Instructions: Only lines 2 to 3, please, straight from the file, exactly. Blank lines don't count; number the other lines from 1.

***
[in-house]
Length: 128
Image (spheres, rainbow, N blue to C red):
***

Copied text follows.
Length: 128
Image (spheres, rainbow, N blue to C red):